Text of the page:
“ACCIDENTAL DEATH OF AN ANARCHIST” AT YALE REPERTORY THEATRE
By Marlene S. Gaylinn
By including “The Accidental Death of an Anarchist” by Dario Fo, one of the world’s most controversial playwrights of our time, James Bundy of Yale Repertory Theatre in conjunction with Berkley Repertory Theatre, has produced one of the best comedies of this season.
Dario Fo (even the name sounds clownish) received the Nobel Prize in Literature in 1997. He joined the Italian resistance during WWII and is a political activist. While Fo claims that he has never been a Communist, he criticizes the exploitation of workers and other oppressed groups throughout the world. The man is now 87 yrs. old and still kicking. According to Fo, “A theatre, a literature, an artistic expression that does not speak for its own time has no relevance.” The playwright also feels that no subject or institution is so sacred or so powerful that it cannot be made fun of. And, like Moliere, a satirist who also troubled clergy and king, Fo’s works (often compared to Saturday Night Live) became so offensive to the Roman Catholic Church and other powerful entities that they were banned from Italian media outlets for many years. In addition, in a country where freedom of speech is cherished, few Americans are aware that Fo and his wife (an actress) were banned entry to tour the United States in the 1980’s -- to the chagrin of our own famous artists and intellectuals, yet, Yale produced two of his plays that year. It is also ironic that “Accidental Death...” a play that focuses on the ineptitude of government bureaucracy and the influence of political power, is more recognized internationally than it is here.
Fo’s plays are presented in a modernized version of the Medieval, commedia dell’ art” form -- which features stock clowns. Therefore, “Accidental Death...” has its own “clowns.” We immediately notice that the actors are clowns because all the men’s pants are ridiculously short enough to reveal their white socks. Since clowns are stereotypes of various personalities, the central character of this play is called “The Maniac.” He represents the innocent “Fool” who tells the truth because he doesn’t know any better. This designation dates back to King’s Jesters. Jesters were clowns who could get away with insulting jokes because they were either physically deformed or mentally deficient. The association of genius with insanity comes to mind as well. One could easily infer that “The Maniac” in this play might represent its creator, Fo.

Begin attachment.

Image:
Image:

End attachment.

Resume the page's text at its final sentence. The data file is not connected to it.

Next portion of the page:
“Accidental Death ...” is based on an actual event in 1969. A suspected anarchist was accused of a bombing a bank in Milan. During his interrogation at the police station, the subject fell four stories to his death. Was it an accident? Was he pushed? Was it a suicide? The investigation of the circumstances were so bungled by police and influenced by political powers that to this day, no one knows exactly what happened. Due to protests and the play’s popularity, the case was re-opened and eventually it was suspected that fascist adversaries falsely accused the leftist suspect. In the end, no one was punished. Possibly, it was more convenient to get rid of the suspect than dig at the truth -- remind you of the JFK assassination?
The play’s setting is the police station where a portrait of the Pope hangs near the office doorway. A known “Maniac,” magnificently played by rubber-faced, limber-limbed clown, Steven Epp, is brought in. He’s about to be arrested once again for being a public nuisance (Think: shades of political activism?). He deliberately slaps the Pope’s picture when making his entrance and proceeds to drive the police administrators crazy with other, outlandish antics. When the dizzy official is called away, the Maniac answers the administrator’s phone and learns that an investigation about the bombing suspect’s death, may soon take place. A warning is issued to prepare for the inquiring judge. The Maniac is forgotten as everyone in the department scurries about trying to compile excuses for their negligence. Meantime, Maniac/Epp disguises himself as the expected judge. It turns out that the Maniac is a genius at impersonations and enjoys toying with the cops (Think: Fo?). His rapid-fire double talk -- about everything that apparently comes to his mind at once (witty, real life truisms) creates such confusion that the clown/cops (Liam Craig, Allen Gilmore, Eugene Ma, and Jesse Perez) agree to whatever tactics the Maniac slyly hints at, in an attempt to cover up their mistakes. A nifty, no nonsense, newspaper reporter (Molly Bernard) appears on the scene and becomes entangled in the mess (symbolically handcuffed to the others. Think: The press becomes constrained?). Like the unsolved, real case the audience is given a choice of two endings while the Maniac tinkers with a mechanical moonrise. “Luna,” or “moon” is the root of the word “lunatic.” The play ends as it began, with the cast singing, “Our Homeland is the Whole World …”
This 1970’s play is directed by Christopher Bayes and was adapted by Gavin Richards from a translation by Gillian Hanna. Since this is a translation and impromptu improvisations are encouraged, it’s difficult to tell where Fo left off. In any case, its rightly assumed that he would approve of the updated material. Those with quick intake will catch Epp’s amusing Marlin Brando (“...I could have been a contender”), John Wayne (“Hi, pilgrim”), Benito Mussolini (speech),“The Sound of Music”(Excerpts), clever comments about wars, banks and corporations (scandals), the 99% vs. the greedy 1%, downloading health insurance followed by “... but the NSA can watch my Netflix for free” etc. etc. etc.
Most comedies entertain with meaningless farce and silly-slapstick. However, if you enjoy your lighthearted fun spiced with stimulating satire and rendered by an outstanding cast, don’t miss this fine production!
Plays to Dec. 21. Tickets: 203-432-1234